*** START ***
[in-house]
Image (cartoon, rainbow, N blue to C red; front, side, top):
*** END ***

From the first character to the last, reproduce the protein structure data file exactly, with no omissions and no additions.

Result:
[in-house]
Image (cartoon, rainbow, N blue to C red; front, side, top):